MacBeth - Analysis of Fear

Fear, this motivates us to do
many things no matter if they are right or wrong. In the play
Macbeth it was fear that was the main motivating factor
that influenced the outcome of the play. This can be proved
by the subsequent murders that followed after Duncan\'s,
why were these committed? Because Macbeth was scared
of being caught and having to pay for the wrongs he had
done. Also look at Lady Macbeth, he constant washing of
her hands, sleepwalking and other behaviour like this. All
done out of fear, and like her husband fear of being caught.
The final piece of proof I offer is Macbeth\'s actions, they
were all due to fear, not only of being caught but of the
witches\' prophecies, he was scared of them coming true
and tried to stop them from happening. This whole play
was inspired by fear and what it and do to a person. To
begin, we\'ll address Macbeth\'s subsequent murders,
following Duncan\'s. For Macbeth, he\'s just killed the King
of Scotland and blamed it on his son. It worked and he
became King, however he remembered the witches\'
prophecies. They claimed that Macbeth would be King,
but it would be Banquo\'s children that would follow after
him. This made Macbeth very angry, he risked everything
to become King and after him none of his family will follow.
Only for them; and mine eternal jewel Given to the
common enemy of man, To make them kings, the seeds of
Banquo kings! [Act III, S I, L 72-75] Here Macbeth
realizes that if something is not done to Banquo, then his
sons will become King. Macbeth can\'t have this, he\'s
already worried that his soul will go to hell for what he\'s
already done. His fear become evident in this scene also,
"But to be safely thus: our fears in Banquo Stick deep;"
[Act III, S I, L 53-54] Macbeth then has Banquo
murdered, however his son Fleance escapes in the attack.
Next Macduff refuses to accept Macbeth as king and flees
to England to join Malcom. And also the witches tell him to
beware of Macduff, which angers Macbeth and drives him
to kill Macduff\'s family. More fear of losing the impending
battle with England, makes Macbeth start doing anything
that will give him an edge in the final battle. Macbeth\'s fear
is starting to consume him, he can no longer sleep and is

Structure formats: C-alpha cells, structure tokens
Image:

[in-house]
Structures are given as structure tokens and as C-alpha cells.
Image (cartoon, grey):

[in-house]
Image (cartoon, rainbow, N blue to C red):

ravaged by guilt over what he\'s done. As well Lady
Macbeth is being comsumed by fear and guilt, she is
slowing losing her sanity. This is a result of her not being
able to handle what she has done to Duncan. As shown in
this quote Out, damned spot!out,I say!One;Two:why, then
\'tis time to do\'t. Hell is murky. Fie, my lord, fie! a soldier
and afeard? What need we fear who knows it, when none
can call our power to account? [Act V, S I, L 32-35] Here
Lady Macbeth is trying to wash out what she sees as being
blood on her hands. As well she mentions hell an obvious
fear of going there for what she has done. At the start Lady
Macbeth was the one pushing on Macbeth to kill Duncan
but as the play goes on she becomes weaker as Macbeth
becomes stronger, Macbeth isn\'t troubled by what he has
done to the extent Lady Macbeth is. Her role in the play
slowly becomes smaller and smaller as she ends up being
driven mad by the guilt and soon can no longer take, and
ends up taking her own life hoping that her torment will end
now that she is dead. "The Queen, my Lord is dead" [Act
V, S 5, L 18], Lady Macbeth takes her life right before the
battle against the english is about to begin. This taking of
her own life demonstrates her fear and in the end what that
fear can do to a person. Now we come to the witches
prophecies, these are a main source of fear for Macbeth,
after all where has he learned everything from. With each
new vision, Macbeth falls deeper and deeper into an evil
spiral. From the witches first prediction of Macbeth being
king, which made Macbeth kill to become king. As well as
Banquo\'s children becoming kings, this scared Macbeth as
I previously mentioned. Also when he went back to see the
witches he gained some more knowledge, "Macbeth!
Macbeth! Macbeth! beware Macduff; Beware the thane of
Fife." [Act IV, S I, L 77], well now that Macbeth has
heard this, he believes that he must kill Macduff, however
he learns that Macduff has fled to England, so